The miniSD hot-swappable memory slot is further down. Still on the right-hand side, but fixed on the rotating hinge, is the zoom ring, equipped with a big central shooter key. The ring rotates anti-clockwise or clockwise for zoom in and zoom out respectively. This was rather confusing for us, because almost all devices with a similar ring work the other way round: clockwise for zoom in.

The central button has two press positions, because the phone’s camera is auto-focusing. By semi-pressing this button, the camera focuses and when the button is fully pressed, the picture is taken, just like a regular camera.
If we disregard the fact that the phone has two navigation faces (one for the phone and one for the camera), we can say that N93i is simply a big clamshell. Although it is downright SMALL, compared to N93, N93i is still in the big phones category.


Dimension (Inches)

Dimension (MM)

Weight (OZ)

Weight (Gramms)

Nokia N93i

4.3" x 2.3" x 1.0"

108 x 58 x 25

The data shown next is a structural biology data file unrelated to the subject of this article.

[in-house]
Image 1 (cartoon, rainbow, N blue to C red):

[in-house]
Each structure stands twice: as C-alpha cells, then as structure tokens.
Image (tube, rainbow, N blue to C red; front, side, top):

Nokia N93

4.7" x 2.2" x 1.1"

118 x 55.5 x 28



Nokia N95

3.9" x 2.1" x 0.8"

99 x 53 x 21



LG KG920

4.3" x 2.0" x 0.7"

108 x 50 x 18



Sony Ericsson K810

4.2" x 1.9" x 0.7"

106 x 48 x 17



It weighs 5.7 oz (163 g), which makes it one of the heavy phones on the market. Holding it is not a problem, unlike keeping it in your pocket. Forget about carrying it in your shirt pocket, for example; you should rather choose a pocket that is big enough to hold it and to bear its weight.

Opening it with one hand is almost impossible and it is no use trying to do it, all the more because there is no spring mechanism to help you in any way. When we tried this operation the upper part would often stop halfway, where, in case the camera was used, the display turned around and we had to turn it further. Even if you manage to open it with one movement, you would definitely feel the middle step, which is not a good experience. Closing it with one hand ends up with the display turned round, which makes the attempt useless and shows you that this operation should be done with two hands.